Deutsche Bank National Trust Company v. SFR Investments Pool 1, LLC et al

Filing 34

ORDER that 10 the HOA's Motion to Dismiss is GRANTED. FURTHER ORDERED that 5 Plaintiff's Amended Complaint is DISMISSED without prejudice. As SFR has an outstanding counterclaim and crossclaim, the case will not be closed. Signed by Judge James C. Mahan on 8/3/17. (Copies have been distributed pursuant to the NEF - MMM)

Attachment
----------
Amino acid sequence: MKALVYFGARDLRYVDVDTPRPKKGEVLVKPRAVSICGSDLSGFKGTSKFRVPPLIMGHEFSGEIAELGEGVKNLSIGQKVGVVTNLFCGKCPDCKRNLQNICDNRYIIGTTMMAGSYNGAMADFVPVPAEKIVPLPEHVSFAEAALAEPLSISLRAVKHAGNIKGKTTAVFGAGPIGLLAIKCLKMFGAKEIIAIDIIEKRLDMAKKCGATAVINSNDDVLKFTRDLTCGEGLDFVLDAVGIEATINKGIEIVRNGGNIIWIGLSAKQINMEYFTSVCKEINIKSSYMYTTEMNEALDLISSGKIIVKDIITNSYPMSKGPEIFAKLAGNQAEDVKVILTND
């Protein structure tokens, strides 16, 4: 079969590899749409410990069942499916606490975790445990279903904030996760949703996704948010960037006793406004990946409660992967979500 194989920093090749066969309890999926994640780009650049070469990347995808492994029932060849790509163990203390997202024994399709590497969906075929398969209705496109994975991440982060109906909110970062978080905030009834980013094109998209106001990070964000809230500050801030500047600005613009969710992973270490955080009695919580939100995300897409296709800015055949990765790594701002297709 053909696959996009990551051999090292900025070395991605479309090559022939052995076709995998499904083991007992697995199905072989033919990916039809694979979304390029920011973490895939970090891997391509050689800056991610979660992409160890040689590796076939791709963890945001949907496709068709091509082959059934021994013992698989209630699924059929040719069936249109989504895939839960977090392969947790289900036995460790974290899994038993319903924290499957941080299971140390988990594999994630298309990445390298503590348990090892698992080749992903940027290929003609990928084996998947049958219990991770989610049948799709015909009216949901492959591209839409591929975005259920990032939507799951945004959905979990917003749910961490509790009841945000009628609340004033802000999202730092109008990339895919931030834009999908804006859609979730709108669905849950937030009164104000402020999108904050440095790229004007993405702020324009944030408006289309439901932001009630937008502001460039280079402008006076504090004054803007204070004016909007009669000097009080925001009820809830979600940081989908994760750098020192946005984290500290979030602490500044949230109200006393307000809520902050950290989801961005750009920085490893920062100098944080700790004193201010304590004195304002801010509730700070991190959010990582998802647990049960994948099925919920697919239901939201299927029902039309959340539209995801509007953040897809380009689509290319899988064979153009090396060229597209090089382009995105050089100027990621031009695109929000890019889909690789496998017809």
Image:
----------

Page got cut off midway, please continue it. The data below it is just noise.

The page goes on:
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1 2 3 4 UNITED STATES DISTRICT COURT 5 DISTRICT OF NEVADA 6 *** 7 8 DEUTSCHE BANK NATIONAL TRUST COMPANY AS TRUSTEE FOR MS 2005-9AR, ORDER Plaintiff(s), 9 v. 10 11 Case No. 2:16-CV-2811 JCM (NJK) SFR INVESTMENTS POOL 1, LLC, et al., Defendant(s). 12 13 Presently before the court is defendant Teton Ranch (Highlands Maintenance Corporation) 14 15 16 17 Homeowners Association’s (the “HOA”) motion to dismiss. (ECF No. 10). Both plaintiff Deutsche Bank National Trust Company as Trustee for MS 2005-9AR (“plaintiff”) and codefendant SFR Investments Pool 1, LLC (“SFR”) have responded. (ECF Nos. 18, 21). SFR’s limited response concurred with the HOA’s motion to dismiss and argues “that any 18 19 20 21 22 dismissal on that basis should result in a global dismissal of all claims made by [p]laintiff as against all [d]efendants, along with an [o]rder declaring that SFR is the rightful owner of title to the Property.” (ECF No. 21 at 2). SFR argues that, should the court not dismiss the complaint as to all defendants, dismissing the HOA would be inappropriate. (Id.). The HOA replied to plaintiff’s response, but has not replied to SFR. (ECF No. 23). 23 24 25 26 27 28 James C. Mahan U.S. District Judge I. Introduction This case involves a dispute over real property located at 509 Copper View St., Henderson, Nevada 89052 (the “property”). Anthony Depasquale acquired a $460,000 loan, which was secured by a deed of trust on the property that was recorded on August 17, 2005. (ECF No. 5 at 3). Mortgage Electronic Registration Systems, Inc. (“MERS”) was the beneficiary solely as 1 nominee for the lender, and it assigned its interest as the beneficiary to plaintiff on July 27, 2010. 2 (Id.). 3 The HOA recorded a notice of delinquent assessment lien on February 3, 2009. (Id. at 4). 4 On July 10, 2009, the HOA recorded a notice of default and election to sell. (Id.). Finally, on 5 March 11, 2014, the HOA recorded a notice of foreclosure sale, which took place on April 3, 2014. 6 (Id.). SFR purchased the property for $24,000 at the foreclosure sale, and the foreclosure deed 7 was recorded by the HOA on April 21, 2014. (Id.). 8 Plaintiff brings suit alleging three claims: (1) declaratory relief against SFR; (2) quiet title 9 against all defendants; and (3) unjust enrichment against SFR. (Id.). The HOA argues that the 10 complaint must be dismissed for failure to mediate; the quiet title claim fails because plaintiff 11 never had title to the property; and the doctrine of laches warrants dismissal.1 (ECF No. 10). 12 II. Legal Standard 13 The court may dismiss a plaintiff’s complaint for “failure to state a claim upon which relief 14 can be granted.” Fed. R. Civ. P. 12(b)(6). A properly pled complaint must provide “[a] short and 15 plain statement of the claim showing that the pleader is entitled to relief.” Fed. R. Civ. P. 8(a)(2). 16 Although rule 8 does not require detailed factual allegations, it does require more than labels and 17 conclusions. Bell Atl. Corp. v. Twombly, 550 U.S. 544, 555 (2007). Furthermore, a formulaic 18 recitation of the elements of a cause of action will not suffice. Ashcroft v. Iqbal, 556 U.S. 662, 19 677 (2009) (citation omitted). Rule 8 does not unlock the doors of discovery for a plaintiff armed 20 with nothing more than conclusions. Id. at 678–79. 21 To survive a motion to dismiss, a complaint must contain sufficient factual matter to “state 22 a claim to relief that is plausible on its face.” Id. A claim has facial plausibility when the plaintiff 23 pleads factual content that allows the court to draw the reasonable inference that the defendant is 24 liable for the misconduct alleged. Id. When a complaint pleads facts that are merely consistent 25 1 26 27 28 James C. Mahan U.S. District Judge The court will not apply the doctrine of laches here because defendant has not adequately shown that its circumstances have changed to the extent that this remedy is warranted. See (ECF No. 10); see also Cooney v. Pedroli, 235 P. 637, 640 (1925) (“The disadvantage may come from loss of evidence, change of title, intervention of equities and other causes, but when a court sees negligence on one side and injury therefrom on the other, it is a ground for denial of relief” (quoting Chase v. Chase, 20 R. I. 202 (1897))). The court sees no negligence on plaintiff’s part, nor is any such negligence adequately argued. See (ECF No. 10). -2- 1 with a defendant’s liability, and shows only a mere possibility of entitlement, the complaint does 2 not meet the requirements to show plausibility of entitlement to relief. Id. 3 In Iqbal, the Supreme Court clarified the two-step approach district courts are to apply 4 when considering a motion to dismiss. Id. First, the court must accept as true all of the allegations 5 contained in a complaint. However, this requirement is inapplicable to legal conclusions. Id. 6 Second, only a complaint that states a plausible claim for relief survives a motion to dismiss. Id. 7 at 678. Where the complaint does not permit the court to infer more than the mere possibility of 8 misconduct, the complaint has “alleged – but not shown – that the pleader is entitled to relief.” Id. 9 at 679. When the allegations in a complaint have not crossed the line from conceivable to 10 plausible, plaintiff's claim must be dismissed. Twombly, 550 U.S. at 570. The Ninth Circuit addressed post-Iqbal pleading standards in Starr v. Baca, 652 F.3d 1202, 11 12 1216 (9th Cir. 2011). The Starr court held: 13 First, to be entitled to the presumption of truth, allegations in a complaint or counterclaim may not simply recite the elements of a cause of action, but must contain sufficient allegations of underlying facts to give fair notice and to enable the opposing party to defend itself effectively. Second, the factual allegations that are taken as true must plausibly suggest an entitlement to relief, such that it is not unfair to require the opposing party to be subjected to the expense of discovery and continued litigation. 14 15 16 17 18 Id. 19 III. Discussion 20 A. Unjust enrichment 21 As an initial matter, the court dismisses, without prejudice, plaintiff’s unjust enrichment 22 claim for failure to mediate pursuant to Nevada Revised Statute (“NRS”) 38.330. See, e.g., Nev. 23 Rev. Stat. § 38.330(1); McKnight Family, L.L.P. v. Adept Mgmt., 310 P.3d 555 (Nev. 2013). 24 25 26 27 28 James C. Mahan U.S. District Judge Subsection (1) of NRS 38.310 sets forth prerequisites for commencing a civil action and provides, in relevant part: No civil action based upon a claim relating to [t]he interpretation, application or enforcement of any covenants, conditions or restrictions applicable to residential property . . . or [t]he procedures used for increasing, decreasing or imposing additional assessments upon residential property, may be commenced in any court in this State unless the action has been submitted to mediation. -3- 1 Nev. Rev. Stat. § 38.310(1). Subsection (2) continues by stating that a “court shall dismiss any 2 civil action which is commenced in violation of the provisions of subsection 1.” Nev. Rev. Stat. 3 § 38.310(2). Subsection (1) of NRS 38.330 states that “[u]nless otherwise provided by an 4 agreement of the parties, mediation must be completed within 60 days after the filing of the written 5 claim.” Nev. Rev. Stat. § 38.330(1). 6 Plaintiff never alleges that it has completed mediation. (ECF No. 1). Instead, plaintiff 7 brings a quiet title claim. (Id.). Thus, plaintiff has not exhausted its administrative remedies and 8 must mediate its unjust enrichment claim prior to initiating an action in court. 9 Further, NRS 38.350 expressly tolls the statute of limitations applicable to plaintiff’s 10 claims that are subject to mediation under NRS 38.310. Specifically, NRS 38.350 provides that 11 “[a]ny statute of limitations applicable to a claim described in NRS 38.310 is tolled from the time 12 the claim is submitted to mediation . . . until the conclusion of mediation . . . of the claim and the 13 period for vacating the award has expired.” Nev. Rev. Stat. § 38.350. Therefore, plaintiff’s claims 14 are not prejudiced by the statute’s requirement that the parties participate in mediation prior to 15 initiating an action in court. 16 B. Quiet title and declaratory relief 17 1. Failure to mediate 18 19 The HOA contends that dismissal of all of plaintiff’s claims is proper based on plaintiff’s failure to mediate pursuant to NRS 38.310. (ECF No. 10 at 4–6). 20 The court disagrees as to plaintiff’s quiet title claim. As discussed above, subsection (1) 21 of NRS 38.310 provides, in relevant part, that civil actions are barred from judicial consideration 22 “unless the action has been submitted to mediation.” Nev. Rev. Stat. § 38.310(1). 23 A claim to quiet title is exempt from NRS 38.310 because “it requires the court to determine 24 who holds superior title to a land parcel.” McKnight Family, L.L.P., 310 P.3d at 559. In McKnight 25 Family, L.L.P., the Nevada Supreme Court reversed the lower court’s dismissal of plaintiff’s 26 request for quiet title and other claims because the parties had not participated in alternative dispute 27 resolution before the plaintiff filed suit. Id. at 557. The court held that, while the other claims for 28 James C. Mahan U.S. District Judge -4- 1 relief were properly dismissed, the quiet title claim was not a civil action as defined in NRS 2 38.300(3) and was therefore exempt from the requirements of NRS 38.310. Id. at 559. 3 The same reasoning applies to declaratory relief claims in which a lender seeks to 4 determine the validity of a foreclosure sale conducted by a homeowner association. See, e.g., U.S. 5 Bank, Nat. Ass’n v. NV Eagles, LLC, No. 2:15-CV-00786-RCJ, 2015 WL 4475517, at *3 (D. Nev. 6 July 21, 2015) (finding that a lender’s claim seeking both quiet title and declaratory relief was 7 exempt from the mediation requirement of NRS 38.310). Accordingly, plaintiff’s quiet title/declaratory relief claims are exempt from the mediation 8 9 requirement of NRS 38.310.2 2. Sufficiency of pleading 10 11 Under Nevada law, “[a]n action may be brought by any person against another who claims 12 an estate or interest in real property, adverse to the person bringing the action for the purpose of 13 determining such adverse claim.” Nev. Rev. Stat. § 40.010. “A plea to quiet title does not require 14 any particular elements, but each party must plead and prove his or her own claim to the property 15 in question and a plaintiff’s right to relief therefore depends on superiority of title.” Chapman v. 16 Deutsche Bank Nat’l Trust Co., 302 P.3d 1103, 1106 (Nev. 2013) (internal quotation marks and 17 citations omitted). Therefore, for plaintiff to succeed on its quiet title action, it needs to show that 18 its claim to the property is superior to all others. See also Breliant v. Preferred Equities Corp., 19 918 P.2d 314, 318 (Nev. 1996) (“In a quiet title action, the burden of proof rests with the plaintiff 20 to prove good title in himself.”), abrogated on other grounds by Delgado v. Am. Family Ins. Grp., 21 217 P.3d 563, 567 (Nev. 2009). i. Superpriority amount 22 23 Nevada Revised Statute § 116.3116(1) gives an HOA a lien on its homeowners’ residences 24 for unpaid assessments and fines. Nev. Rev. Stat. § 116.3116(1). Moreover, NRS 116.3116(2) 25 gives that HOA lien priority over all other liens and encumbrances with limited exceptions—such 26 The court will treat the declaratory relief “claim” as a prayer for relief under plaintiff’s quiet title action, as declaratory relief is not, itself, a cause of action. 28 U.S.C. § 2201 (“In a case of actual controversy within its jurisdiction . . . any court of the United States, upon the filing of an appropriate pleading, may declare the rights and other legal relations of any interested party seeking such declaration . . . .”). 2 27 28 James C. Mahan U.S. District Judge -5- 1 as “[a] first security interest on the unit recorded before the date on which the assessment sought 2 to be enforced became delinquent.” Nev. Rev. Stat. § 116.3116(2)(b). 3 The statute then carves out a partial exception to subparagraph (2)(b)’s exception for first 4 security interests. See Nev. Rev. Stat. § 116.3116(2). In SFR Invs. Pool 1 v. U.S. Bank, the Nevada 5 Supreme Court provided the following explanation: 6 7 8 9 As to first deeds of trust, NRS 116.3116(2) thus splits an HOA lien into two pieces, a superpriority piece and a subpriority piece. The superpriority piece, consisting of the last nine months of unpaid HOA dues and maintenance and nuisance-abatement charges, is “prior to” a first deed of trust. The subpriority piece, consisting of all other HOA fees or assessments, is subordinate to a first deed of trust. 334 P.3d 408, 411 (Nev. 2014) (“SFR Investments”). 10 Chapter 116 of the Nevada Revised Statutes permits an HOA to enforce its superpriority 11 lien by nonjudicial foreclosure sale. Id. at 415. Thus, “NRS 116.3116(2) provides an HOA a true 12 superpriority lien, proper foreclosure of which will extinguish a first deed of trust.” Id. at 419; see 13 also Nev. Rev. Stat. § 116.31162(1) (providing that “the association may foreclose its lien by sale” 14 upon compliance with the statutory notice and timing rules). 15 The holder of a first deed of trust may pay off the superpriority interest to keep its interest 16 from being extinguished upon foreclosure of an HOA superpriority lien. See SFR Investments, 17 334 P.3d at 414 (“But as a junior lienholder, U.S. Bank could have paid off the SHHOA lien to 18 avert loss of its security . . . .”); see also 7912 Limbwood Ct. Trust v. Wells Fargo Bank, N.A., et 19 al., 979 F. Supp. 2d 1142, 1149 (D. Nev. 2013) (“If junior lienholders want to avoid this result, 20 they readily can preserve their security interests by buying out the senior lienholder’s interest.” 21 (citing Carillo v. Valley Bank of Nev., 734 P.2d 724, 725 (Nev. 1987); Keever v. Nicholas Beers 22 Co., 611 P.2d 1079, 1083 (Nev. 1980))). 23 Plaintiff alleges that it is the beneficiary of the first position deed of trust, which still 24 encumbers the property and is superior to any interest held by SFR or the HOA. (ECF No. 1). 25 Plaintiff’s complaint also alleges that the foreclosure sale is invalid because the HOA failed to 26 identify the superpriority portion of the lien. (Id. at 5). 27 These allegations are insufficient to state a plausible claim for relief—i.e., that plaintiff’s 28 claim to the property is superior to SFR’s claim. At the time the notices were recorded, the statute James C. Mahan U.S. District Judge -6- 1 did not require the notices to identify the superpriority portion of the HOA’s lien, but only the 2 amount necessary to satisfy the overall HOA lien. See, e.g., Nev. Rev. Stat. § 116.311635(3) (eff. 3 Oct. 1, 2013 to Sept. 30, 2015) (“[T]he notice of sale . . . must include: (a) The amount necessary 4 to satisfy the lien as of the date of the proposed sale.”). 5 ii. Due process 6 To state a procedural due process claim, a claimant must allege “(1) a deprivation of a 7 constitutionally protected liberty or property interest, and (2) a denial of adequate procedural 8 protections.” Brewster v. Bd. of Educ. of Lynwood Unified Sch. Dist., 149 F.3d 971, 982 (9th Cir. 9 1998). Here, plaintiff’s complaint alleges that the foreclosure “[s]ale did not comply with the 10 statutory notice requirements of [Chapter 116] . . . .” (ECF No. 5 at 5). Specifically, plaintiff 11 argues it was not provided with proper notice of the notice of homeowners’ association assessment 12 lien, notice of default and election to sell, notice of foreclosure sale, or the HOA sale. (ECF No. 13 18 at 4). Moreover, plaintiff argues “[t]he HOA did not provide [plaintiff] or its predecessors in 14 interest, agents, servicers, or trustees, with proper notice of the alleged lien . . . or a reasonable 15 opportunity to satisfy that amount.” (ECF No. 5 at 6) (emphasis added). 16 To raise a question of constitutionality, a party must have sufficient Article III standing, 17 including, inter alia, a “personal injury fairly traceable to the . . . allegedly unlawful conduct.” 18 Raines v. Byrd, 521 U.S. 811, 818–19 (1997) (citing Allen v. Wright, 468 U.S. 737, 751 (1984)). 19 To show a viable due process claim, plaintiff must not have received notice that was 20 “reasonably calculated, under all the circumstances, to apprise interested parties of the pendency 21 of the action and afford them an opportunity to present their objections.” Mullane v. Central 22 Hanover Bank & Trust Co., 339 U.S. 306, 314 (1950). Importantly, the Ninth Circuit has held that 23 receipt of actual notice deprives a claimant of standing to raise a procedural due process claim. 24 Wiren v. Eide, 542 F.2d 757, 762 (9th Cir. 1976). 25 This court has found the issue of actual notice to be highly pertinent and often dispositive 26 of due process challenges to HOA superpriority lien foreclosures. See, e.g., Nationstar Mortg., 27 LLC v. Maplewood Springs Homeowners Ass’n, No. 2-15-cv-1683-JCM-CWH, 2017 WL 843177, 28 at *13 (D. Nev. Mar. 1, 2017). James C. Mahan U.S. District Judge -7- 1 Plaintiff’s complaint is deficient as it has failed to allege a lack of actual notice of the 2 foreclosure sale. See generally (ECF No. 5). Instead, plaintiff contends the notice was not 3 “proper” or statutorily sufficient. (Id. at 5). Therefore, as pleaded, plaintiff has not adequately 4 alleged any actual deprivation of its due process rights. Accordingly, the motion to dismiss will be granted without prejudice as to this claim. 5 6 7 IV. Conclusion In sum, plaintiff’s unjust enrichment claim will be dismissed without prejudice for failure 8 to mediate. On the other hand, the court exercises jurisdiction over the quiet title claim. 9 Furthermore, plaintiff’s purported interest in the property is sufficient to assert its claim. The 10 doctrine of laches does not bar plaintiff from recovering in this action. Finally, there is, without 11 pleading a lack of actual notice, a deficiency in plaintiff’s complaint as to violations of its due 12 process rights. 13 Accordingly, 14 IT IS HEREBY ORDERED, ADJUDGED, and DECREED that the HOA’s motion to 15 16 17 18 dismiss (ECF No. 10) be, and the same hereby is, GRANTED, consistent with the foregoing. IT IS FURTHER ORDERED that plaintiff’s amended complaint (ECF No. 5) be, and the same hereby is, DISMISSED, without prejudice. As SFR has an outstanding counterclaim and crossclaim, the case will not be closed. 19 20 21 DATED August 3, 2017. __________________________________________ UNITED STATES DISTRICT JUDGE 22 23 24 25 26 27 28 James C. Mahan U.S. District Judge -8-